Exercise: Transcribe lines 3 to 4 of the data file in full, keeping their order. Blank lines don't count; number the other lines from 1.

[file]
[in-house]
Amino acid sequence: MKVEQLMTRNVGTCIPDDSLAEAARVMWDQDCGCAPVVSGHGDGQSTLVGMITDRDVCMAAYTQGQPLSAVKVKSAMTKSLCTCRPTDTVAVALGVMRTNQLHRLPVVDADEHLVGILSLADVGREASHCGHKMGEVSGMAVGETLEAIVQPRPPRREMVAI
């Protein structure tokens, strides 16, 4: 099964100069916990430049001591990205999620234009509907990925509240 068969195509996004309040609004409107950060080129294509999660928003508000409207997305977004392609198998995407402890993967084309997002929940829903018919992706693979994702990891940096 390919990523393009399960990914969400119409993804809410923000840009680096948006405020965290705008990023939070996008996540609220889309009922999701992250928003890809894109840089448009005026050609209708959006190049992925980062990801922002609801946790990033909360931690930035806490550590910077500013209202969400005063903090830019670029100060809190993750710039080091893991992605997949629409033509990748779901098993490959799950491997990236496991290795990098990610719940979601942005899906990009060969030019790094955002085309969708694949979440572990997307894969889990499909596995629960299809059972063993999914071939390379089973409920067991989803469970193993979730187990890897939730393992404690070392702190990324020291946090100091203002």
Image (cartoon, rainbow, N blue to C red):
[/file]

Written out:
């Protein structure tokens, strides 16, 4: 099964100069916990430049001591990205999620234009509907990925509240 068969195509996004309040609004409107950060080129294509999660928003508000409207997305977004392609198998995407402890993967084309997002929940829903018919992706693979994702990891940096 390919990523393009399960990914969400119409993804809410923000840009680096948006405020965290705008990023939070996008996540609220889309009922999701992250928003890809894109840089448009005026050609209708959006190049992925980062990801922002609801946790990033909360931690930035806490550590910077500013209202969400005063903090830019670029100060809190993750710039080091893991992605997949629409033509990748779901098993490959799950491997990236496991290795990098990610719940979601942005899906990009060969030019790094955002085309969708694949979440572990997307894969889990499909596995629960299809059972063993999914071939390379089973409920067991989803469970193993979730187990890897939730393992404690070392702190990324020291946090100091203002």
Image (cartoon, rainbow, N blue to C red):